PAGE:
Barriers To Entry Essay

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A barrier to entry is any obstacle that prevents potential entrants from enjoying the benefits that accrue to incumbents (established firms). These obstacles may be classified as structural or strategic. The benefits that accrue to the established firms are usually defined in terms of long-run abnormal profits (price set above minimum long-run average cost), but may also include other advantages, for example, in research and development. The key point to emphasize about barriers to entry is that they yield rents that are only available to incumbent firms; such firms earn these rents precisely because they are established in a particular industry.

Structural Barriers

Structural barriers to entry depend on the factors that determine the competitiveness of an industry (for example, demand for a product and technology). Neither incumbent firms nor potential entrants can directly determine the size of these barriers. Examples of structural barriers include economies of scale, absolute cost advantages, and product differentiation. Economies of scale are defined as the rate at which long-run average costs of production fall as output is increased. The point at which these costs are minimized is the minimum efficient scale of production (MES). If the MES is very large in relation to market demand it may only be viable for one incumbent to exist in this industry.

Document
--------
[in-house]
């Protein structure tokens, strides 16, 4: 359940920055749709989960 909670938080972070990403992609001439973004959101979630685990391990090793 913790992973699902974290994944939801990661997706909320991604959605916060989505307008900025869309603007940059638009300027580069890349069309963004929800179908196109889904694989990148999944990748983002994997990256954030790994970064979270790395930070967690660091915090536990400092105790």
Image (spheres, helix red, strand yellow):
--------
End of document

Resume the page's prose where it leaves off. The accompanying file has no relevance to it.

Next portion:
Absolute cost advantages exist when the incumbent’s long run average cost is below that of the potential entrant’s for all levels of output. In other words, and unlike the case of economies of scale, the scale at which the potential entrant chooses to enter does not affect the cost disadvantage it experiences with respect to the incumbent. Exclusive access to superior technology via patents is one way in which absolute cost advantages are realized.